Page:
The attribute map determines which HTML attributes create vulnerabilities in dynamic content and how to replace them. This property defines a map of case-insensitive regular expressions (regex syntax) and replacements. When specified, it overrides the default map defined in xssUtil.js. If this property is absent or not set, the default map is used. For details, see Configuring XSS Protection.


    Note that these configurations only apply to XSS protection of dynamic content; they do not affect how static pages or static content are escaped when generated by the server.

    Configuring the Tag Whitelist

    The tag whitelist specifies all HTML tags (elements) that are allowed in the dynamic content sent to a user's browser, sometimes called asynchronous data. Tags not in the whitelist are escaped, meaning their < and > brackets are replaced with < and > so they are displayed as < and > but not interpreted as HTML. The default whitelist is defined in the xssUtil.js file, and it allows the tags needed for the UI to be displayed and escapes any tags such as <script ...> that create XSS vulnerabilities.

    The xss.soft.html.escape.tag.whitelist property expands or replaces the default whitelist. It contains comma-separated tag names without < > brackets. If this property is not specified or the list is empty, the default whitelist in xssUtil.js applies.

    In normal usage, the first character is + so that the specified tags are added to the default whitelist. For example, if you want to add blink and marquee to the list of allowed HTML tags, specify the following value:

    When + is omitted, this list replaces the entire default whitelist. For example, if you wish to block a tag that is specified in the default whitelist, copy all of the default tags from xssUtil.js, then remove the one you wish to block. Be very careful with this usage, because whitelisting the wrong tags can create vulnerabilities. Also, some parts of the UI depend on the default whitelist, and they may appear broken if they are removed from the whitelist.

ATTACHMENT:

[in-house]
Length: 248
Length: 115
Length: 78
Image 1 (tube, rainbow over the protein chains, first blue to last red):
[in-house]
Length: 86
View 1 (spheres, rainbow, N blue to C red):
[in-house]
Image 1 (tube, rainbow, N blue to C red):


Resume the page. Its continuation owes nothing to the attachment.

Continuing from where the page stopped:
Never add the script tag to the whitelist because it will disable output escaping of dynamic content.

    Configuring the Attribute Map

    Certain HTML attributes create XSS vulnerabilities because they switch to JavaScript context, for example onmouseover and the like. The attribute map defines which attributes are dangerous and how to replace them when performing output escaping of dynamic content, also called asynchronous data. It uses a map of case-insensitive regular expressions (regex syntax) and replacements to detect and neutralize such malicious HTML. The default map that is coded in xssUtil.js is equivalent to the following expression:

    When regex syntax appears in properties files, characters must be escaped. For example, s appears as \s.

    For advanced use cases, you can modify this property by adding more pairs to the map. Copy the default map above and add the new regex and its safe replacement at the end. For example, to escape the string data:text/html by replacing it with nothing, use the following map:

    Modify this property at your own risk. To work properly, the regex keys in the map must be very specific. Also, the replacement values in the map should never be the same as any regex keys, otherwise multiple replacements will happen, and the output will be corrupted in unpredictable ways.


    Never set the map to {} because this will disable HTML attribute escaping in dynamic content.